WITNESSES to the "otherness of God", a "big fat Yes", but not
necessarily a civilising influence - these were some of the answers
given in a debate this week about what difference women bishops
might make in the C of E.
The event in St James's, Piccadilly, on Tuesday evening, was
organised by the Westminster Faith Debates, and addressed by women
leaders from across the globe.
They included the first woman Primate in the Anglican Communion,
the Presiding Bishop of the Episcopal Church in the United States,
Dr Katharine Jefferts Schori.
Women could offer a "witness to the otherness of God", she said,
as could gay bishops, or those who were young, or old, or from BME
"White, male, English-speaking bishops with degrees from Oxford
or Cambridge are only one sort," she said. "They cannot image the
fullness of God."
Women bishops would help people to "avoid the unconscious
assumption that only one kind of human being can have theological
insight. . . When leadership begins to represent the variety
of human existence, all the baptised people of God can begin to
imagine their own ministry, rather than deferring 'ministry' to
only one sort of human being. And all God's people begin to realise
that they have gifts of leadership in the context of their daily
Dr Schori also argued: "Women's awareness and experience of
marginalisation can motivate compassionate responses within the
body of Christ." Women were closer in society to the "oppressed and
the unfree", she said, and had a willingness to "build bridges
across boundaries in order to confront the principalities and
She reported that the "real Communion-wide work on gender
violence did not get wide support an action beyond women's
groups until a staff member of the ACO - a woman - brought the
issue to the Primates' Meeting".
The Rector of St James's, the Revd Lucy Winkett, who was among
the first women priests ordained in the UK in the 1990s, warned:
"It is not a given that it [women bishops] will make any difference
Women bishops had authority that "will be held differently, but
it will not necessarily be held more nicely". She did not subscribe
to the belief that women bishops would "civilise the Church": she
hoped that women's "ungovernable energy will be poured out into our
public future as much as it has been in our domestic history".
Hilary Cotton, who chairs the campaigning group WATCH,
reiterated the group's slogan "Just getting started". The current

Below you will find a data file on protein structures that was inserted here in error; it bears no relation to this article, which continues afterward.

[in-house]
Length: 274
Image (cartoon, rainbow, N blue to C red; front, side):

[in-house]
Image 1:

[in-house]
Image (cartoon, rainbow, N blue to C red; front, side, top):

women bishops "get it", she said, regarding "the continuing sexism
of the Church of England". They would make a difference only if
more women in the Church felt more confident about challenging the
"kindly, benign paternalism" that existed.
The panel was asked whether women would have to "morph into men"
in order to thrive in the Church. The Vicar of St Mary and St
Martin, Blyth, and Scrooby with Ranskill, the Revd Kate Bottley,
confessed that she had been "very upset" when called to ordination,
because she had presumed she would have to cut her hair and abandon
high heels and make-up: "It has been a real battle to carry on
expressing myself." She felt that other clergy, including women,
sometimes "look slightly down their nose at you, like you are not
playing the game properly".
Ms Winkett agreed. "The pressure is enormous to conform and to
do it like the men." There was a generational difference, she
acknowledged: women priests "who have all the battle scars . . .
get really cross with the younger women who seem not to know that
there was a fight".
Although it was "difficult to allow women to be different", she
wanted to say to those bearing scars: "This is what we did it
Mrs Bottley spoke of the cultural challenges facing the Church,
describing how her hairdresser, a young student, had not heard of
the Church of England, and did not know what a bishop was.
She suggested that the gender of a bishop would not make that
much difference to many people, but was important to priests like
her. It was "a big fat Yes, a positive affirmation that you are
good enough". It would also give the Church "a bit more